April 19, 2009

Setting up for the Stick

On his first shift of his first Stanley Stick game, Scrappy found himself knocked flat on his backside by Elvis. It was a bruising wake up call for the young speedster to the intense physical and mental toll of Sunday Morning Road Hockey's championship series. He won't be letting it happen again.

"Things get quicker, so you can't be caught flat," says the sophomore centerman, a season wiser and tougher as he prepares to play in his second finale, which begins May 3. "You have to make snap decisions. Everyone gets banged up, bruises, scars."

Velma's heard the stories of epic four-hour battles and smashed eyes; the rookie forward knows he'll have to gird himself for the toughest games of his young career. So he's making sure he gets as much playing time as possible to prepare.

"Most of us should be in pretty good shape by now," says the playmaking winger who warmed up for Sunday's game by participating in a 10 km run in another city. "It's a grind and it's all about the mental effort."

Lak Attack knows what it takes to win the Stanley Stick. Other than the Living Legend, there's no other roadster at Sunday's game who's played in more finales. He's a former series' MVP.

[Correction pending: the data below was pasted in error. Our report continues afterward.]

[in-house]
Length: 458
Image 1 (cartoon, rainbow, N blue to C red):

"Mentally, you've got to step it up," says the veteran sniper. "You're razor sharp in terms of what you need to do, you've got to make sure every pass is crisp, you've got to make sure every play is a good play."

And you've got to be hungry, says Doo. With his team a goal away from being swept in last season's championship, Doo teamed up with Unabomber to spark the most incredible comeback in Stanley Stick history.

"You've just got to be tenacious," says the feisty forward who was a finalist for series' MVP last year. "That's the biggest thing in the Stick; the goals will come with the tenacity and you've just got to be really focused on that."

With only one more regular season game to be played until the start of the two-week championship showdown, many of the roadsters are already looking ahead.

"The Stick is a big deal, it's what everybody plays for all season," says Elvis, who's never lost a championship series in his eight seasons. "You've got to be prepared, you've got to really be on your game."

"The gams is three or five times the pace of a regular game," says Beetle Boy. "There's lots of physicality, lots of stick work, so you just have to prepare yourself that it's quite a jump from the regular season."

Sunday's game was a preview of the goaltending duel that will open this season's Stanley Stick Championship, as Nibs out-dueled Twizzler 20-16. Earlier in the week Gump announced he'd be unavailable for the finale's first game.
Neither goalie was particularly sharp, as each fanned long shots early in the game while they shook off the rust that may have settled from last week's rain out. Twizzler also struggled with rebounds and his team was never able to get closer than a goal.